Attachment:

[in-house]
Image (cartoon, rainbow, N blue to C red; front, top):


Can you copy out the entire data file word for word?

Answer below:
[in-house]
Image (cartoon, rainbow, N blue to C red; front, top):